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Friday, March 30, 2012

GEORGE MAWBEY DURAL SCHOOLMASTER

It has now been confirmed that my great great grandfather, George Mawbey, was the schoolmaster of the Church of England diocesan school at Dural in the district of Parramatta in 1849.
According to the 'Blue Books' of the Colonial Secretary, he had 12 pupils, 5 girls and 7 boys.
He appears to have been being paid 30 pounds per annum.
The cost of running the school was 10 pounds per annum and this was paid by the Colonial Treasury.
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The two biggest schools listed on the same page (p.612) with 100 pupils each were Liverpool and Wollongong.
At Liverpool 67 boys and 33 girls were being schooled, and at Wollongong, 58 boys and 32 girls.
The running total at the bottom of the page is 2,373 boys and 1,733 girls.
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George Mawbey and his family lived at Dural until around 1860, and I will try to find out more about his teaching there.

Friday, March 23, 2012


Sarah Mawbey

 Elsie Clarke
I have just found a photo of Sarah Mawbey, published in an Australian Town and Country Journal a couple of weeks after she was murdered at Breelong.
In my view she looks European, as does her youngest sister, Elsie Clarke, and her eldest son, John Jnr.
Her younger boys, Garnet and Cecil, look more 'Anglo-Saxon' like their father.

The photo of Sarah Mawbey was taken at Mudgee and the one of Elsie at Orange.
Posted by Picasa

Thursday, March 15, 2012

DISCREPANCIES IN CONVICT REGISTERS

There are so many discrepancies in the existing convict registers.
Yesterday when I was in the library I found a book The first 25 years of convict transportation in New South Wales (1999) by Lesley Uebel which consists of an alphabetical list of convicts.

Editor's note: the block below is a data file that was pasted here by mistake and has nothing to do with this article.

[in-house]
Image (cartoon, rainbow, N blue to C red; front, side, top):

I just happened to open it at page 82 where I saw that a convict called Joseph Druce had an alias of 'Bruce'.
He arrived in the colony on the Royal Admiral in 1792, having been given a life sentence at Middlesex the year before.
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I then looked for him in the Tasmanian Archives convict register and he was not there.
It only had a Thomas Druce (arriv. 1841) and an Elizabeth Druce (arriv. 1853).
Then I looked at the Queensland State Library convict register and found these two, plus Joseph (the one I was looking for), and three others, James Lewis (arriv. Oct 1798), John (arriv 1847) and Richard (arriv. 1835).

Thursday, March 8, 2012

CONVICT ANCESTRY PLOT THICKENS

CORRECTION
Further research has revealed I am not descended from Elizabeth Bruce, nor James and Mary Ann Tucker.
A mistake on the NSW BDM register caused by difficulty reading handwriting on a marriage record led to this error.
I have since found two other convicts I am descended from, but on my mother's side of the family, not my father's.
As this post has attracted a lot of viewers, I will leave it here.
Pamela Mawbey
31 August 2013
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I've now discovered that my First Fleet convict ancestor is not Elizabeth Bruce because she married John Anderson at St Philip's Church of England, Sydney, in March 1788.
This event, that occurred two months after the couple's arrival in the penal colony, was done under the authority of His Excellency, Governor Philip.
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There were two male convicts with the name 'John Anderson' on the First Fleet.
One on the Scarborough was convicted at the Old Bailey on 26 May 1784 and sentenced to 7 years for stealing three tablecloths and assault with a knife.